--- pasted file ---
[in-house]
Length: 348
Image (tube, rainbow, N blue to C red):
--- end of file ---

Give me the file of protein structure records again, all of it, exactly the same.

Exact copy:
[in-house]
Length: 348
Image (tube, rainbow, N blue to C red):